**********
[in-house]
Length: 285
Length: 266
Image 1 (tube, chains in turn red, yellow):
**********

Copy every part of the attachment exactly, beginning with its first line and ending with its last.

[in-house]
Length: 285
Length: 266
Image 1 (tube, chains in turn red, yellow):